Bright yellow advertisements for weight loss products have improved/degenerated the commute for Londoners on the tube network in the past few weeks. These ads scream the stupid question: "ARE YOU BEACH BODY READY?" at us alongside a picture of a woman in a bikini looking both slim and impressive of bosom all at once. In other words, she possesses a body type few of us have thanks to Mother Nature, some of us will attain through assorted methods, and most of us will never have.
In reality, if you share the model's waist size, you are more than likely to be small-breasted. If you share her generous cup size, the rest of you may well be in proportion too. Of course, there are exceptions as there are no hard and fast rules when it comes to body type - and that is why it is ridiculous that body types go in and out of fashion over the decades.
The obvious answer to the stupid question is: "Yes, I am beach body ready. I have a body and I am capable of taking it to the beach where I will be ready to do beach-related things."
There has been an outcry over these ads. The Advertising Standards Authority received more than 200 complaints. The posters have been improved/vandalised by protesters. I saw one on the tube tonight that had "Stop objectification" written on it.
So what has happened as a result of the brouhaha? Sales of the weight loss products went up.
Of course they did. Proving that any publicity is good publicity, the winner is Protein World. Which sounds like the worst-ever amusement park.
The two most likely reasons for this sales spike are equally depressing. If people have decided to spite those awful feminists by buying Protein World products, they are a bit sad. They are probably the same idiots who hijacked the #FeministsAreUgly hashtag on Twitter.
And the other equally depressing reason why Protein World got a boost in sales is that people wanted to see what all the fuss was about, decided they were not "beach body ready" and, as a result, have been conned into buying a completely moronic product. We are talking about capsules and meal replacements. Short-term quick fixes.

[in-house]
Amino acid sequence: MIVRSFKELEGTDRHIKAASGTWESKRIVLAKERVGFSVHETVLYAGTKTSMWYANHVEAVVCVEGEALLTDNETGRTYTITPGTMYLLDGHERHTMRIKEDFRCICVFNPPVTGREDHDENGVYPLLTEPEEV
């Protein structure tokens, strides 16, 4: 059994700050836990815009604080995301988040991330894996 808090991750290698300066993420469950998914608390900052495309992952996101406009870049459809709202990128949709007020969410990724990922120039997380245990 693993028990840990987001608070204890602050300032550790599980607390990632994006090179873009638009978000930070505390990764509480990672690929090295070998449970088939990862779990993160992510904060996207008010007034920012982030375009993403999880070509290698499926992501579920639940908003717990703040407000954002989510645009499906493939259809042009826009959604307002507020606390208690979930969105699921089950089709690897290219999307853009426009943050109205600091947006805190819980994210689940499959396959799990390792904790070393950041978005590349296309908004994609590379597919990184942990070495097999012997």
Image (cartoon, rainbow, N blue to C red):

It is a get-rich-quick scheme for Protein World that does nothing to promote learning to prepare healthy meals or the benefits of regular exercise. These shysters are selling crap like "green tea extract powder" for £12. You can buy 80 green teabags for £2.80 today at Sainsburys. They're even fair-trade teabags.
So it would seem Protein World is appealing to snide feminist-haters, uneducated consumers and people desperate for a quick fix rather than a healthy lifestyle change.
Changing your lifestyle is boring but it works out cheaper and more effective in the long run than replacing meals with a £62 package of "The Slender Blend" meal replacement potion and multivitamin capsules.
If you bought Protein World products because you hate feminists, the joke is on you. You are now the proud owner of stupid, overpriced supplements all because you wanted to make a pathetic point. If you were fooled by the advertising campaign and truly think replace meals with overproduced slop in a glass is the way forward, I feel sorry for you. You have been tricked by a marketing campaign where not only does the model have a rare body type, she also has the benefit of good lighting and possibly the miracle of PhotoShop.
Protein World and similar companies will continue to use such models for their campaigns. Of course they will. Let's be realistic. Ann Widdecombe will not be the next face and body of Protein World.
But that does not mean you have to be an idiot consumer. All this beach body brouhaha has demonstrated is that many people are easily fooled. And that is most depressing of all.
Photography by Gerhard Lipold